Notice that large decoupling capacitors have been added to the power supply and reference voltage. The decoupling capacitors localize IC noise, prevent interaction between circuits, and help keep noise from propagating. Two decoupling capacitors are used, a large electrolytic for medium and low frequencies, and a ceramic for high frequencies. Although this portion of the design is low frequency, the op amp has a good frequency response, and the decoupling capacitors prevent local oscillations through the power lines. If cable noise is a problem, an integrating capacitor can be put in parallel with R(F) to form a low-pass filter.
The final circuit is ready to build and test. The testing must include every possible combination of transducer input and ADC output to determine that the AIA functions in all manufacturing situations. The span of the adjustments, op amp output voltage range, and ADC input range must be checked for conformance to the design criteria. After the design has been tested for the specification limits it should be tested for user abuse. What happens when the power supply is ramped up, turned on instantly, or something between these two limits? What happens when the inputs are subjected to over voltage, or when the polarity is reversed? These are a few ideas to guide your testing.
The systems engineers select the transducer and ADC, and their selection criterion is foreordained by the application requirements. The AIA design engineer must accept the selected transducer and ADC, and it is the AIA designer's job to make these parts play together with adequate accuracy. The AIA design often includes the design of peripheral circuits like transducer excitation circuits, and references.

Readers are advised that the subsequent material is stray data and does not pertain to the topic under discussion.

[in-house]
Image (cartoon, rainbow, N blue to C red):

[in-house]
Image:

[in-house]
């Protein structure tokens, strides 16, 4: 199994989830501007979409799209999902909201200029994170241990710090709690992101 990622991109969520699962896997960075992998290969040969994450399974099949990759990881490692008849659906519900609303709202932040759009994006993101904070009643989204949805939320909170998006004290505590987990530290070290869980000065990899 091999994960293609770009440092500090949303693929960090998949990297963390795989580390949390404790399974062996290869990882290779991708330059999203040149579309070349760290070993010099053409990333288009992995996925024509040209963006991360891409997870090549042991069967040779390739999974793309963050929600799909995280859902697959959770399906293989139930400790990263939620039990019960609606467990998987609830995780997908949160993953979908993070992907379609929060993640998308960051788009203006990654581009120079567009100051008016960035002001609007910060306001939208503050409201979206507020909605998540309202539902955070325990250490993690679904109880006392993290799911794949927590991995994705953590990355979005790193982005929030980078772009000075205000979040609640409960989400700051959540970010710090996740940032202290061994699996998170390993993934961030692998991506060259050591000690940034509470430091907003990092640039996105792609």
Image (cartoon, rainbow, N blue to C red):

The design procedure starts with an analysis of the transducer and ADC. The analysis is followed by a characterization of the transducer and reference. At this point enough information is available to make an error budget and select candidate op amps. The op amp is selected in the next step in the procedure, and the circuit design follows.
The output voltage span of the transducer and corresponding input voltage span of the ADC are coupled as two pairs of data points that form the equation of a straight line. The data point pairs are substituted into simultaneous equations, and the equations are solved to determine the slope and intercept of a straight line (an op amp solution). The op amp circuit configuration is selected based on the sign of the slope and the intercept. Finally, the passive components used in the op amp circuit are calculated with the aid of the op amp circuit design equations.
The final circuit must be tested for conformance to the system specifications, but the prudent engineer tests beyond these specifications to determine the AIA's true limits.
Wobschall, Darold, Circuit Design for Electronic Instrumentation, McGraw-Hill Book Company, 1979